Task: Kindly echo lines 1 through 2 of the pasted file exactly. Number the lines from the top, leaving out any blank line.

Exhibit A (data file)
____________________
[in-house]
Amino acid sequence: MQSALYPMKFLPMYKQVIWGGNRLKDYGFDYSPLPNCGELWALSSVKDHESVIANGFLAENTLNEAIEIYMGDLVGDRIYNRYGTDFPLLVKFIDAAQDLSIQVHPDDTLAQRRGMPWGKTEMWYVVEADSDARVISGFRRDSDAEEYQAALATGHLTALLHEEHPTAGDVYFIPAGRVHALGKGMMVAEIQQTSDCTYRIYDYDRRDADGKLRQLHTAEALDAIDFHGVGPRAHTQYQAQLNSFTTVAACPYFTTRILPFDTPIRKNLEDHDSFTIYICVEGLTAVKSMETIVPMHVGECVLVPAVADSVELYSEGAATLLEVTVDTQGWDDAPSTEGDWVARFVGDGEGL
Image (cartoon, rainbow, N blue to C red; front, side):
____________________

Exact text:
[in-house]
Amino acid sequence: MQSALYPMKFLPMYKQVIWGGNRLKDYGFDYSPLPNCGELWALSSVKDHESVIANGFLAENTLNEAIEIYMGDLVGDRIYNRYGTDFPLLVKFIDAAQDLSIQVHPDDTLAQRRGMPWGKTEMWYVVEADSDARVISGFRRDSDAEEYQAALATGHLTALLHEEHPTAGDVYFIPAGRVHALGKGMMVAEIQQTSDCTYRIYDYDRRDADGKLRQLHTAEALDAIDFHGVGPRAHTQYQAQLNSFTTVAACPYFTTRILPFDTPIRKNLEDHDSFTIYICVEGLTAVKSMETIVPMHVGECVLVPAVADSVELYSEGAATLLEVTVDTQGWDDAPSTEGDWVARFVGDGEGL